By: Katrina Schwartz
Harvest season is coming to a close, but at an educational farm just south of San Francisco, the small staff tries to give visitors a better idea of what it means to be a small scale farmer. At Pie Ranch, urban youth learn how to grow and harvest the ingredients for pie. And the farm builds community through hard work, good food and music once a month.
Pie Ranch founder Jered Lawson shows a group of volunteers how to cut wheat by hand at a monthly work day. Situated halfway between Santa Cruz and San Francisco, Pie Ranch attracts people of all ages to come work for a day, eat together and dance.
Jered Lawson, a Pie Ranch founder demonstrates how to harvest wheat by hand and how to separate the wheat from the chaff.
"We wanted to do that from the beginning," said Nancy Vail, co-founder and Lawson's wife. "Have a way to bring people out for an experience on the farm and then to celebrate that work through the dancing."
Pie Ranch is probably best known for its youth programs - and what they call Home Slice students. High schoolers come to the farm from around the state a few times a year.
"A lot of farm education is about learning where your food comes from and getting an experience on the farm with vegetables or animals or milk or whatever," explained Debbie Harris, the Home Slice program coordinator. She says many kids get their first taste of fresh food at the ranch. "Here we're doing all those things, but we're really putting it in the context of food justice and understanding all the aspects of a food system and how it relates to individual lives."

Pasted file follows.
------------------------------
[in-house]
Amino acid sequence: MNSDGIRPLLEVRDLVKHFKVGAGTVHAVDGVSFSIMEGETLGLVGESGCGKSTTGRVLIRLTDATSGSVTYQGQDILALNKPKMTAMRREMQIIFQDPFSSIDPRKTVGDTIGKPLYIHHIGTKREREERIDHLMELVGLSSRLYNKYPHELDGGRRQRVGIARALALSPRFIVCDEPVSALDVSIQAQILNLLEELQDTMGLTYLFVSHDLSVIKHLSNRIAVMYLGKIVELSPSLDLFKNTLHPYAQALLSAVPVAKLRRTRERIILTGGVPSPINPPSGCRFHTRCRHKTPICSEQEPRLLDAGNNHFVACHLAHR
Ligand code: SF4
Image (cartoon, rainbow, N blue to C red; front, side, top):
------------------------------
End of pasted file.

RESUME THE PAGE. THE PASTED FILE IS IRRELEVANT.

"I want to work with land, with plants and animals," said Daisy Villanueva, a high school student from Los Angeles. "I thought it was fascinating. It's incredible just to be here."
Villanueva says LA schools push for students to learn about business so they can return to help their communities. But she wants to stay closer to the agricultural tradition of her parents.
"We're really just looking around for a place that we could learn about farming," said Guy Brent, who attended the work day with his family. "But not just learn, put some, uh, dirt under the fingernails." Brent wants to share his childhood experience on a farm with his kids who grew up in San Diego.
"We picked limes and lemons and berries and lettuce," said Blake Seely. "Then we came back and made lunch with all the stuff we picked. And made these pies and all this stuff. It was just a lot of fun." Seely is here to work -- and cash in his auction prize -- a day of harvesting and cooking with the Pie Ranch team.
Volunteer Jamie Nadel from San Francisco helped spread compost around a row of citrus trees in the morning, but she's itching to put on her dancing shoes.
"Actually it's the barn dance later tonight, that's what drew me," she said. "I mean, it's like you work hard you play hard."
As the afternoon heat fades tired workers share food as the band warms up. Then, they pack the small barn and dance the night away.